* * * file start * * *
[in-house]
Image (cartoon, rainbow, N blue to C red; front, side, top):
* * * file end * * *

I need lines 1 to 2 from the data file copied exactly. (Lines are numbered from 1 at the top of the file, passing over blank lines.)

[in-house]
Image (cartoon, rainbow, N blue to C red; front, side, top):